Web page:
- Students from the University of the Philippines Visayas tackled political and social issues through their annual cheering competition
- The performance by the Skimmers tackled several issues such as the Rice Tarrification Law, SOGIE, and the Duterte administration’s failure to stand up against China
- Pro-Duterte social media users took to Facebook to criticize the group’s performance, launching several attacks against the members of the organization
Students from the University of the Philippines Visayas in Miagao Town and Iloilo City in Iloilo took a brave stand and tackled political and social issues through their annual cheering competition on Wednesday, Oct. 16.
The 18-minute video of the performance by the Skimmers, an academic organization of students from the Division of Humanities, was uploaded on social media and went viral. The performance was staged at the UPV Cheering Competition as part of its Pahampang Season, a venue for students to tackle social and political issues through creative cheers.
The cheer routine, which won the annual competition, highlighted national issues, such as the Rice Tariffication Law, the government’s call for mandatory Reserved Officers Training Corps, and the Commission on Higher Education memorandum order removing Filipino, Panitikan, and the Philippine Constitution as core subjects in college.
The Skimmers also called out Duterte’s actions to be pandering to China, as well as issues relating to the West Philippine Sea, the divorce bill, the SOGIE bill, and media oppression in the country.
“As an annual event, we took this opportunity to finally highlight what we – the media and future media practitioners experience in the practice of the profession,” Jude Vincent Parcon, adviser of Skimmers and faculty member of the Division of Humanities in UPV said.
ONLINE BULLYING vs #OneUPV
Of the full performance, certain pages singled out a line in the cheer that condemned the current administration’s failure, especially the brief “kill this President, charot” line. Thus, members of the student cheering team came in the line of fire of supporters of President Rodrigo Duterte. The cheerers and their leaders have since been the targets of threats and harassment from pro-Duterte sectors.
It was also pointed out that the satirical nature of the cheer “did not sit well with Duterte supporters,” as they took to Facebook and launched different attacks to the organization. “These threats are made more pressing and credible as the pages and groups supporting Duterte publicized some personal information of the Skimmers Governor and Skimmers adviser, making them a target.”
The identities of leaders and members of the Skimmers have also been posted on some pro-Duterte Facebook pages. The posts have since been taken down after being reported.
In a statement, the UPV University Student Council along with Local College Councils and other student organizations in UPV “condemned the blatant acts of doxxing and harassment targeting members of the Skimmers academic organization.”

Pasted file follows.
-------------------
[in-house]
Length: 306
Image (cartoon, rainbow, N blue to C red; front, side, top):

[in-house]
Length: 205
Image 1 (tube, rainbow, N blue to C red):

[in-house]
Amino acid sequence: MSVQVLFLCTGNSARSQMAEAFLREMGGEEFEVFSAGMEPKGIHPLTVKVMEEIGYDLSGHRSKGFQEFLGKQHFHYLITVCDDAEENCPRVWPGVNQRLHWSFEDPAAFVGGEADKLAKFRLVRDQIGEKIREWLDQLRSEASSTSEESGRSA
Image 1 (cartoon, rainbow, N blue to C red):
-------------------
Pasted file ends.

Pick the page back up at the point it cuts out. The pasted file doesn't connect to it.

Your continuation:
“The attacks intensified when Mocha Uson herself shared a snippet of the Skimmers’ cheer on her personal blog, with the caption ‘Let’s kill the President daw? Yan na ba talaga ang tinuturo nila sa University of the Philippines ngayon?’ The post in question has over 321,000 views and 2,000 shares at the time of writing, which has inspired Duterte supporters to send video threats to several Skimmers cheerers, post their photos without consent (which is a clear violation of the Data Privacy Act), and redtag the University along with its University Student Council,” the statement read.
“With the increased instances of redtagging by this oppressive state whenever the University raises awareness and action on societal issues, we will not and will never tolerate any kind of harassment or unjust behavior towards our constituents, whether we are facing a single troll or the whole Duterte administration. We won’t let this go unanswered. We are one with Skimmers. We are #OneUPV,” the statement added.
Some critics accused the students of inciting to sedition, a crime under the Revised Penal Code of making speeches or statements “that tend to disturb or obstruct any lawful officer in executing the functions of his office, or instigate others to cabal and meet together for unlawful purposes, or which suggest or incite rebellious conspiracies or riots, or which lead or tend to stir up the people against the lawful authorities or to disturb the peace of the community, the safety and order of the government, or who shall knowingly conceal such evil practices.”
Inciding to sedition has been repeatedly used against critics of the administration, including Vice President Leni Robredo, Former Senator Antonio Trillianes IV and even some Catholic Bishops.
For years, the cheering competition has served as a venue for UPV students in conveying their sentiments and grievances on various issues from the university administration level all the way to national and global scales through creative cheers and yells. -Philstar/CNN/Rappler
Watch the whole performance here.